In today’s global business environment, one of the most valuable developmental activities for any professional is learning English or improving their English for business communication. Companies from English-speaking countries are constantly expanding to new international markets. This creates opportunities for business professionals skilled in English. Additionally, English often serves as the “lingua franca” of business. For example, executives from two non-English-speaking countries might conduct a meeting in English because it’s the language they share.
Even if you’re fluent, speaking clearly is key to being understood and giving a clear message. Giving presentations, talking on the phone, entertaining clients and talking to colleagues, these all need a clear pronunciation, no matter what country of origin. We can work on specific vowels and consonants so that you or your employees can speak English with confidence.
For your employees to become expert business communicators in English, they need both language and cultural proficiency.
Let’s consider the range of expertise required:
Both one-one-one and group meetings can put a professional’s English skills to the test. Native speakers may use different idioms and pronunciations than your employees have been exposed to before, and they may speak more rapidly than they can understand. Native English speakers might also have a different overall communication style. For example, they may be less deferential to senior employees than your workers are used to or give feedback much more readily. Phone meetings are especially challenging because non-native speakers can’t use facial expressions to help them understand what’s going on.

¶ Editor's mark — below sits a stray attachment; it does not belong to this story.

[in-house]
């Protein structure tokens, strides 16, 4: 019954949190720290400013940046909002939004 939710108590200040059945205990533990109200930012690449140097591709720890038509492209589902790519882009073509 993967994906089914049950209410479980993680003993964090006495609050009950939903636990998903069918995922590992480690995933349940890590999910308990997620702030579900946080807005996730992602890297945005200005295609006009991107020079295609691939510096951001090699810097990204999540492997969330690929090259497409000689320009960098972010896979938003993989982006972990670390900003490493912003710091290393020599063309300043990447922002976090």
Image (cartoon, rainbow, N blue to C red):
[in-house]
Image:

Professionals need the ability to create a variety of written materials — from formal reports to less-formal (but equally important) emails and PowerPoint presentations. They should be able to write clearly in English so that others can understand and act on the important information they are sharing.
Presenting can still be a challenge even if someone is proficient in English. Research has shown that listeners have a hard time understanding and processing what a speaker is saying if he or she has an unfamiliar accent. Practicing with an English coach who can give tips and corrections is invaluable.
Every field has its own terminology. Anyone who last studied English during their school days likely did not learn many of the words and phrases that are part of everyday business communication in their industry.
Common English phrases like “let’s wrap it up” or “make the most of this” can baffle someone who has had formal language training, but little conversational practice. But they are important for understanding overall meaning.
Studying business English benefits professionals of all sorts. But it’s particularly useful for these groups:
Prioritize language training for anyone relocating to an English-speaking country or who is likely to relocate in the future. Relocations are a big investment for your company. But estimates are that 40 to 54 percent of relocations fail. Bolstering your employees’ English skills can help them adjust to their new home and ensure that the relocation succeeds. Don’t forget about employees’ family members. Enrolling them in English classes as well is good insurance against homesickness and “expat depression.”
Anyone on a team with English-speaking members can become a better collaborator and make the team more productive by studying business English. That includes engineers, accountants, IT professionals and project managers. Most employees using their second language for work feel much less confident speaking up in meetings and sharing ideas. How much ROI are you losing due to this?
Global leaders need English skills to connect with their international workforce and to position their companies well in international markets. Never underestimate the price you pay for a lack of communication/cultural connection with potential clients either. Stacie Nevadomski Berdan, a seasoned global executive, says that “being monolingual is no longer an option.”
HR professionals want their employees to be as successful as possible. Help them gain clarity in their communication. Even if they are fluent in their second language, accents can still make it difficult for them to be understand. It’s a challenge to approach management in your second language. What effect do you think this has on engagement?
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